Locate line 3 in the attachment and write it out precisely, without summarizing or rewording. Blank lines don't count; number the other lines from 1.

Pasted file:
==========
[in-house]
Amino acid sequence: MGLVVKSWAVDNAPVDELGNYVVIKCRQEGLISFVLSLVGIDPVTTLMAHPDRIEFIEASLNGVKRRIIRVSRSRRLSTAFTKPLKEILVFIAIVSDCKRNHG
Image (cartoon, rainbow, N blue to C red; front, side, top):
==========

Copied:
Image (cartoon, rainbow, N blue to C red; front, side, top):